Here’s an only slightly exaggerated characterization of how, until fairly recently, the marketing and advertising industries have viewed gender: Men like sports, women like makeup, and never the twain shall meet.
But those industries, like the world around them, have been growing more comfortable in the gray areas between those black and white stereotypes. In the U.S., at least, gender roles have blurred to the point where the idea that, say, men steer clear of diet products and women don’t drink whiskey just seems silly.
“Gender targeting may have made sense in the past,” says Fiona O’Donnell, senior analyst of lifestyles and leisure at marketing research firm Mintel. “But cultural norms have shifted, and there’s less of a need for consumers to hold expectations of their gender.”
O’Donnell says these norms have been evolving at least since the 1980s, when Baby Boomer women donned power suits and went to work alongside their male counterparts. But even back then, taking care of the house and kids was still considered a “woman’s job,” she says.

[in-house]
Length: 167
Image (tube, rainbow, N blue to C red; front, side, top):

Things are much different today. Just look at the latest Pew Research Center report showing that four in 10 U.S. households with children under age 18 now have a mother who is the sole or primary earner for the family. In 1960, that rate was 1 in 10.
But other factors are in play, too. Online shopping has made it much easier to purchase products that may have a stigma for one gender or the other. Plus, the generation of consumers that marketers covet most – millennials, who are in their teens, 20s, and early 30s – are generally more accepting of those changing gender norms than their parents were.
In recent years, a number of brands and industries that had once been trapped in the old gender paradigm have shifted their approach in order to find new customers. The following products have been traditionally marketed to one gender but are now being sold to the other 50%.
Next Diet Soda